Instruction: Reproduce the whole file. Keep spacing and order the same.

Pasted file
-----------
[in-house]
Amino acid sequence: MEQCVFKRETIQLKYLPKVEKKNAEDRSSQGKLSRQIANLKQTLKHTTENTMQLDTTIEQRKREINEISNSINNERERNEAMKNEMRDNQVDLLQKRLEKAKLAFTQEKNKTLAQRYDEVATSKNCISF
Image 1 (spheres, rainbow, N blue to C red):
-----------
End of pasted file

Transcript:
[in-house]
Amino acid sequence: MEQCVFKRETIQLKYLPKVEKKNAEDRSSQGKLSRQIANLKQTLKHTTENTMQLDTTIEQRKREINEISNSINNERERNEAMKNEMRDNQVDLLQKRLEKAKLAFTQEKNKTLAQRYDEVATSKNCISF
Image 1 (spheres, rainbow, N blue to C red):